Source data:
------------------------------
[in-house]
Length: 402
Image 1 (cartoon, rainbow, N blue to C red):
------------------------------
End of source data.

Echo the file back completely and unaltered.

[in-house]
Length: 402
Image 1 (cartoon, rainbow, N blue to C red):